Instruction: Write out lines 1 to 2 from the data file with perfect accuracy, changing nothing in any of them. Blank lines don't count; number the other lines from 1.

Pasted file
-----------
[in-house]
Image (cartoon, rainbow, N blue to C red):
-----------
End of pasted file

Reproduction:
[in-house]
Image (cartoon, rainbow, N blue to C red):